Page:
Switching jobs is a familiar move in heated employment markets. With more vacant positions than skilled professionals, employees naturally consider any offer that improves their salary or enhances overall work satisfaction. This has been especially true in the aftermath of 2019, with two years of global uncertainty that shifted priorities. As a result, employees draw a radical line between what is valuable and what is not.
According to Microsoft’s Work Trend Index, conducted in 31 countries with over 30,000 people, 52% of Generation Z and Millennials will likely change employers in 2022. The same report shows that 47% of the participants are now more likely to set family and personal life above work as compared to before the pandemic. Additionally, 53% —particularly parents (55%) and women (56%)— will prioritize well-being and health over a job.
The power balance may be inclined to the worker’s side today. Nevertheless, the employment market is more complex than it was four generations ago. Changes happen in a blink of an eye, and even the most promising companies are vulnerable to economic uncertainties. Proceeding with caution and due diligence will give professionals the necessary margin to anticipate storms. After all, much has changed, but when it comes to financial means, single-income workers are still more vulnerable to macroeconomic weathering.
STUDY THE COMPANY BEFORE SWITCHING JOBS
In order to not regret their decision of switching jobs, employees must study opportunities before leaving certainty for a new promise. Tempting monetary offers may sway inexperienced job seekers, but seasoned professionals know the importance of evaluating both the job opportunity and the company’s prospects. Switching jobs isn’t a walk in the park. It is a profound decision that significantly impacts every aspect of a worker’s life.
Before committing to a new offer, take the time needed to lay out the roadmap that will guide the evaluation. Typically employees examine perks, salary, corporate climate, and the new assignment’s challenge. However, a company’s financial health is often left out of the review. And it shouldn’t, especially now, as significant segments of the economy are reporting massive layoffs worldwide due to budget cuts and decreased sales.
Risk is part of any venture. But if you are putting your current job on the line, it’s always better to have a safety net. Taking advantage of the online data will likely give assurance about the company’s ability to survive economic hardships. Most employees won’t know how to perform a thorough financial health analysis (FHA). And they don’t need to. Profitability, cash flow, liquidity, and leverage studies usually take a lot of data analysis (view here how to determine the Financial Health of a Company: The Complete Guide) and time that the average worker can’t afford.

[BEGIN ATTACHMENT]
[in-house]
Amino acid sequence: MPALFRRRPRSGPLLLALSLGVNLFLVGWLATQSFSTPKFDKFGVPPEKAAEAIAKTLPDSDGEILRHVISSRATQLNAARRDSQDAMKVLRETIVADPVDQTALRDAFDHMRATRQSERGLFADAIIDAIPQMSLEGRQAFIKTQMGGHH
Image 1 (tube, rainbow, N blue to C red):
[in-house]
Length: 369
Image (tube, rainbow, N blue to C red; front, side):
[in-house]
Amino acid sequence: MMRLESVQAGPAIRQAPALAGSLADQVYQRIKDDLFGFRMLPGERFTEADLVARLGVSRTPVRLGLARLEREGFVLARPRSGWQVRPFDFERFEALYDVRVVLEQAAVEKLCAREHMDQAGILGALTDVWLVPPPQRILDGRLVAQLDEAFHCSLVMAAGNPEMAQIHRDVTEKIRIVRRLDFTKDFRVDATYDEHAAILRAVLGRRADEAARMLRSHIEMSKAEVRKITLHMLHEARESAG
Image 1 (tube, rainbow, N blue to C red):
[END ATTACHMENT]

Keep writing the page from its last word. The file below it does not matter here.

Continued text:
Nevertheless, there are some small steps workers can take to understand whether the company is in good health or not. Here is what to check if you want to decide on a job offer based on the company’s financial status:
1. Use the newsfeed in your favor
First, stay tuned to the economic review. Depending on the company’s size, news coverage will usually provide a great deal of information about the business’s financial status. Remember, before Netflix laid off 300 employees, the news coverage highlighted that the streaming giant had lost 200,000 subscribers, the company’s first loss in a decade. As a rule of thumb, check reliable news sources to help you make a well-informed decision.
2. Leverage the power of data
Search for statements directed to shareholders; they will give away the temperature of the waters. Typically companies that go public will have a dedicated webpage for investors in which financial releases and updates are available. There you can study quarterly earnings and annual reports. In Netflix’s case, they also display a rich section called “Top Investor Question” with answers to many financial-related questions ranging from revenue to international markets exposition and everything in between.
3. Ask questions
Additionally, it is always wise to inquire about business expectations and projections during the interview. The hiring manager will ask if the candidate has questions about the company or the job description. That is an excellent time to understand what lies ahead. Be conscious about the way you elaborate questions. Don’t jump the gun here by asking specifics about the company’s profitability. It can create some unnecessary discomfort. Instead, invest in a more subtle approach, inquiring about the company’s goals and future plans.
Remember, job interviews are a two-way road; the company is under examination as much as you. So, if you are still uncertain, give yourself more time to research and make an informed decision about what is best for your career and personal life.
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